Virgin America was the first domestic airline to list its carbon footprint according to internationally accepted standards on The Climate Registry. Virgin America established its baseline footprint in its first full year of operations, as a first step in ensuring its operations were transparent to the traveling public. The airline is committed to finding new ways to reduce its footprint per guest, even as it experiences substantial growth both in traffic and fleet.
The airline’s 2008 corporate footprint totaled 573,296 metric tons of CO2-equivalents, making Virgin America the lowest emitting carrier in the domestic industry based on RPM, and the second lowest when normalized to ASM. The number included emissions from a wide variety of sources including Scope 1 emissions, which includes those produced by the aircraft fleet, and Scope 2 emissions which captures emissions produced by purchased electricity for buildings by Company vehicles.
In 2009, Virgin America’s corporate footprint totaled 845,857 metric tons of CO2-e, making Virgin America the lowest emitting carrier in the domestic industry based on RPM, and the second lowest when normalized to ASM. This represented a .7% reduction in GHG emissions, a statistic the airline was proud to achieve despite the overall growth in its fleet and operations in 2009.
In 2010, Virgin America’s total corporate footprint totaled 971,180 metric tons of CO2-equivalents, making Virgin America the third lowest emitting carrier in the domestic industry based on RPM and the fourth lowest when normalized to ASM. It is important to note that Virgin America grew in terms of fleet and flights, by 14.35% on an ASM basis year-over-year, but only posted a .4% increase in CO2-e year-over-year. Virgin America competitors that posted lower emissions numbers on a seat-mile basis tended to have higher density seating configurations, decreasing their overall numbers.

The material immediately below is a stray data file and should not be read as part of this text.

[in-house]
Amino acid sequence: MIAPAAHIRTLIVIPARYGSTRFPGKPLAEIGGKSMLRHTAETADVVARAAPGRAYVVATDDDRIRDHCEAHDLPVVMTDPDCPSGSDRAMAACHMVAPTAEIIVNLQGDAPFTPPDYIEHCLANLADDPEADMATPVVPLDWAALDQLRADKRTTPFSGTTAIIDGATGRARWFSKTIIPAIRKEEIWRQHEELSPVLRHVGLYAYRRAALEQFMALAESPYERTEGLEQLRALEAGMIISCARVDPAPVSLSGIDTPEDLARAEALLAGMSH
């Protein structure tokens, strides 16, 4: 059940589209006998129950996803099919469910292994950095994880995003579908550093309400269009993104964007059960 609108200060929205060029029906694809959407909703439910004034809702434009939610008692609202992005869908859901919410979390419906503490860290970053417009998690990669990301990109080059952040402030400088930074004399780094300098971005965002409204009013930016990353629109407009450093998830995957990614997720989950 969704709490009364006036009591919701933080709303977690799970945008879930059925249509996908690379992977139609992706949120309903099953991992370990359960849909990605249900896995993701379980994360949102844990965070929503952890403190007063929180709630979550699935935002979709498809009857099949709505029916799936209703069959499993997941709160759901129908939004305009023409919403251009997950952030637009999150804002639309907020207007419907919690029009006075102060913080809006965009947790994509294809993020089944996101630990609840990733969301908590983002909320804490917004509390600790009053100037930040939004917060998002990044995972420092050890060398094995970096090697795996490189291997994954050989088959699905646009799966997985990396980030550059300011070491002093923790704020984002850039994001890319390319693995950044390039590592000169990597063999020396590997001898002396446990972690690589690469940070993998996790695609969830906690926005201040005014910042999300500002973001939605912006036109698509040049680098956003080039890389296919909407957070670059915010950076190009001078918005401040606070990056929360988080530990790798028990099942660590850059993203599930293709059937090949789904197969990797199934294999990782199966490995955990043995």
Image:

How We Report Emissions:
The Climate Registry is a nonprofit collaboration among North American states, provinces, territories and Native Sovereign Nations that sets consistent and transparent standards to calculate, verify and publicly report GHG emissions into a single registry. The Climate Registry provides a credible and consistent standard through which companies like Virgin America can report emissions.
How We Calculate Emissions:
Virgin America compares emissions on an Available Seat Mile (ASM) basis. ASMs are the product of multiplying the number of seats on an aircraft by distance flown. For example, a Virgin America Airbus A320 aircraft with 149 seats that flies 700 miles (SFO-SEA) will have 104,300 available seat miles [149 seats x 700 miles = 104,300]. Available seat miles are the industry’s way of normalizing financial performance, so that an “apples to apples” comparison can be made, regardless of an individual airline’s fleet size or route structure.
Another statistic used in the airline industry is Revenue Passenger Miles (RPMs). Similar to ASMs, revenue passenger miles are the product of a flight’s occupied seats and the distance flown in miles.
Virgin America collected ASM, RPM and fuel consumption data from the Bureau of Transportation Statistics Web site. All airlines are required to report their monthly fuel consumption and passenger load data to the Department of Transportation, which makes these figures publicly available.
Virgin America has converted their self–report fuel consumption data into CO2 emissions using the multiplier recognized by the International Air Transport Association (IATA) – 3.16 kilograms of CO2 per kilogram of fuel burned. Virgin America remains proud to be one of the lowest emitting carriers in the domestic industry based on RPM, and among the lowest when normalized to ASM.